Juniper Partners On SRX Issues: Forgiven But Not Forgotten
Stung by angry customers consistent in their criticism of Juniper's SRX services gateways over the past year and a half, solution providers are upbraiding Juniper for what they say was a too-slow response from Juniper's sales and engineering teams to respond to and fix SRX's technical flaws.
The SRX issue was a frequently mentioned subject at Juniper's Global Partner Conference in Las Vegas this week, and one that partners said Juniper, to its credit, is no longer ignoring.
"My big takeaway from this is that they've recognized that partners are unhappy and customers are unhappy," said Helen Lesser, executive vice president at Nexum, a Chicago-based solution provider. "Products have flaws all the time -- it's almost the norm with a new product set -- but where the ball stopped rolling with the SRX issue was that we were escalating feedback on issues and not getting acknowledgment."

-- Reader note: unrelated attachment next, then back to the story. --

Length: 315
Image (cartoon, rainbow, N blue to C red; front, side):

Juniper debuted its SRX series dynamic services gateways in 2008, touting the increased throughput over traditional firewalls as well as other features such as intrusion prevention, distributed denial-of-service protection, dynamic routing and quality of service, and network address translation. The idea was to provide a firewall product that ran on Juniper's universal OS, Junos, and that could be customized based on customer needs.
Sales of SRX surged, but customers reported technical issues with SRX products ranging from overall stability to flaws in areas such as unified threat management (UTM) and intrusion detection. Several solution providers interviewed by CRN singled out Juniper's lower-end SRX products, including its SRX100, SRX210 and SRX240, as being especially problematic.
"What they touted from a product perspective and what it was actually, truly capable of were not the same," said Dominic Grillo, executive vice president at Atrion Communications Resources, a Branchburg, N.J.-based solution provider. "A lot of the UTM-type features they're trying to add and make seamless with the other features haven't been as seamless or as stable as they should be."